In 1971, Valerie Solanas briefly took refuge in a collective living space called the Brooklyn Commune. She instantly caused divisions around the gendered labor of trash disposal. “Valerie convinced women that it was not their job to take out the garbage and that men should do it—‘Why should a woman take out men’s shit?’” The women rebelled, the commune imploded, and Solanas would be remembered for the split. Many years later, the friend who brought her there was stopped in New York City by a man who asked, “Do you know who I am? . . . I was part of that collective that you brought Valerie Solanas to and I wanted to say thank you a fucking lot! She destroyed our collective. She caused problems immediately and she took a gun out of her bag and shot into the ceiling . . . It’s ’cause of you that this happened, so I blame you.”1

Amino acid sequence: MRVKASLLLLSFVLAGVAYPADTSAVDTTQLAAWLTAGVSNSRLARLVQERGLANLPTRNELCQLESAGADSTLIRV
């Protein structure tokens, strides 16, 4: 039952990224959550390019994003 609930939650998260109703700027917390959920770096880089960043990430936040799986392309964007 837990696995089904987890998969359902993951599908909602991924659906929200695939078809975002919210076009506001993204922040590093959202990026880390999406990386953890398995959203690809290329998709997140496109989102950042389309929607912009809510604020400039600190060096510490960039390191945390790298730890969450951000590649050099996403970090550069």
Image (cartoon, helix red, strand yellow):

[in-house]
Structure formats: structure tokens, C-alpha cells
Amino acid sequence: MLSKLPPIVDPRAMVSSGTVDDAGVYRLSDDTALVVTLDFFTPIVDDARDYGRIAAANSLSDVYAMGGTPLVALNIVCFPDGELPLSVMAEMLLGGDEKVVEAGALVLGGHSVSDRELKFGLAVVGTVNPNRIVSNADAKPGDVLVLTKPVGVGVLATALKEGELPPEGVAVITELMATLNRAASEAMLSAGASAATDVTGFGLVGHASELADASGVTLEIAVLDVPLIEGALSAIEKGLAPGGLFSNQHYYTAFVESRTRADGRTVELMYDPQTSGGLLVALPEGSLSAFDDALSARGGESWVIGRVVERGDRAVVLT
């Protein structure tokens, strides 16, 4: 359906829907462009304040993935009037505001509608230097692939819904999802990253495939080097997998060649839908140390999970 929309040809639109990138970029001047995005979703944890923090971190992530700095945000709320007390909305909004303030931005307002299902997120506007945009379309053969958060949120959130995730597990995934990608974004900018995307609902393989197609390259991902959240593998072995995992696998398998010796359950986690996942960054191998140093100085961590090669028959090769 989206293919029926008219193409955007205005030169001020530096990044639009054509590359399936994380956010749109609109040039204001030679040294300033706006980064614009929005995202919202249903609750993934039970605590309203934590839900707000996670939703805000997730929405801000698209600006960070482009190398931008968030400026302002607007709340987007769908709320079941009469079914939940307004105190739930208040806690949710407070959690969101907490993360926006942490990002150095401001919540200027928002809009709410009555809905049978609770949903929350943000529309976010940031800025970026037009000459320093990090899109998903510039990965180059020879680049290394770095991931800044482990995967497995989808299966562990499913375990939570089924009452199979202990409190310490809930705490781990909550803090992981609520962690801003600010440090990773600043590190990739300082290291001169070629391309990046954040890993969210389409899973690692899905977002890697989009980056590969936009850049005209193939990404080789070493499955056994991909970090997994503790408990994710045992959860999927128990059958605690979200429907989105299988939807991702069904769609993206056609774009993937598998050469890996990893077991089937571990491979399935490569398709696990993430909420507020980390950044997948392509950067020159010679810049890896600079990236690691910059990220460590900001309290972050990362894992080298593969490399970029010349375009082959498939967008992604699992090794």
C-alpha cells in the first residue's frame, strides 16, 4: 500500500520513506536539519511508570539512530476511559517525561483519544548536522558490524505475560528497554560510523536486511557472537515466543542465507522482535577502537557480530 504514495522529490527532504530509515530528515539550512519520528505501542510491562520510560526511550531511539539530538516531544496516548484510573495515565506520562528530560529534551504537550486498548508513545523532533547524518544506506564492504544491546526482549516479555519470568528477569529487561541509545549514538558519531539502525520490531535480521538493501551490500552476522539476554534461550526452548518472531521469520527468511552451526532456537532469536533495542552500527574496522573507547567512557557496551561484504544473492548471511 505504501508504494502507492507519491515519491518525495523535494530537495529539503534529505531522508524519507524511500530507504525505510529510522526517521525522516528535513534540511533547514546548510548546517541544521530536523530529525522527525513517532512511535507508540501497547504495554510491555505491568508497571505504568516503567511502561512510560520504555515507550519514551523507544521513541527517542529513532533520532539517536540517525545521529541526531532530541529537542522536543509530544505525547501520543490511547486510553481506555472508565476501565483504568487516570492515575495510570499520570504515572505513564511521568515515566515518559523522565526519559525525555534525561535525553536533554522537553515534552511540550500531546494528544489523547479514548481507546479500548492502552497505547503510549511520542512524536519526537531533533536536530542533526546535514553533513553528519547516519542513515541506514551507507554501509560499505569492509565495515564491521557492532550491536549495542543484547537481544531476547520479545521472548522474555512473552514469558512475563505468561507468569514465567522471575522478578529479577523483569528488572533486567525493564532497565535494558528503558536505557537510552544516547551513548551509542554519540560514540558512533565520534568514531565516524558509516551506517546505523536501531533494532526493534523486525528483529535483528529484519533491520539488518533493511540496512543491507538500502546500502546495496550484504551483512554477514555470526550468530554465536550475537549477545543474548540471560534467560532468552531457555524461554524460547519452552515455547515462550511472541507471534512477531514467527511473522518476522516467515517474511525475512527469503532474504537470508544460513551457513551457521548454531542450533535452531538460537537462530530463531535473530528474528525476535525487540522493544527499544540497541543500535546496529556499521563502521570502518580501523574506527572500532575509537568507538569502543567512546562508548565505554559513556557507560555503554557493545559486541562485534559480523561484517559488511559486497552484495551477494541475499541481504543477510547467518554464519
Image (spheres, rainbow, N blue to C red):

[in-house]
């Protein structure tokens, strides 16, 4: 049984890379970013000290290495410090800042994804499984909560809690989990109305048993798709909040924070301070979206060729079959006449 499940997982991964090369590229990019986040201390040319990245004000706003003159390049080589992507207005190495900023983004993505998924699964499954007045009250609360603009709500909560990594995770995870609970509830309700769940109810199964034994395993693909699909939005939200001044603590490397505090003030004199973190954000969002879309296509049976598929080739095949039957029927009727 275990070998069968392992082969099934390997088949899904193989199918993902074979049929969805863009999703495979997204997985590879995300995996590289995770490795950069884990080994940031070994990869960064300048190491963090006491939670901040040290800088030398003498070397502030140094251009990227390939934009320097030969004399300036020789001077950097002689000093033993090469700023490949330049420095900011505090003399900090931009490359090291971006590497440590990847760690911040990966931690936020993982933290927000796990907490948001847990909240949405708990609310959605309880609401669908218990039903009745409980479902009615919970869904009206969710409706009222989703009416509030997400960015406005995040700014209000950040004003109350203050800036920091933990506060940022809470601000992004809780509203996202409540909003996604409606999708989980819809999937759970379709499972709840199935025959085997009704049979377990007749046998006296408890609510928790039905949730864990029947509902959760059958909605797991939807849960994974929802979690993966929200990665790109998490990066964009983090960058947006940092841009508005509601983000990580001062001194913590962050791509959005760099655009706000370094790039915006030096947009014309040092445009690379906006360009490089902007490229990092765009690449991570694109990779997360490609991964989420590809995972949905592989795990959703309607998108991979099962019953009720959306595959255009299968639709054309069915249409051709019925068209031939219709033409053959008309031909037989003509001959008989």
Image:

I was on a flight to Atlanta while I was preparing for the interview with Solanas’ biographer, Breanne Fahs. Even with a triumvirate of unwelcoming literature in my lap—Testo Junkie, the biography, and SCUM Manifesto—the round, suited man to my left barged his way into conversation. It was October 2014. Within five minutes I learned that he lived in Round Rock, Texas and owned a website domain for tracking sex offenders; “unfortunately there are always pedophiles, so I’m never out of work,” he quipped. His income is not outrageous cuz he’s not one of those CEOs: he’s decided he doesn’t want any more than $25,000 a month. “My Facebook isn’t even set up by me,” he said, chuckling with calculated flippancy, “my secretary runs it.” He started from nowhere, that heroic place.
I admit to being amused when he described himself as an “off the hook Virgo” and then, when he learned I was a Leo, that “you come across as cold but are probably very loving. You’re just smart. I once had a Leo in my life and she ripped my heart apart.” But I was more arrested by the juxtaposition of his egomania and Solanas’ description of woman’s role as trash collector. Sometimes I incredulously allow men to talk to themselves at me, as my friend Lyle describes it, just to see how long they’ll continue before becoming self-aware. Sometimes this is different than being a trash collector, and sometimes it isn’t.